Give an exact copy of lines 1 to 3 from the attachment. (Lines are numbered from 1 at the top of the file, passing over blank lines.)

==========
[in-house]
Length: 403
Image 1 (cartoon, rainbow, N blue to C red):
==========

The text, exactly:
[in-house]
Length: 403
Image 1 (cartoon, rainbow, N blue to C red):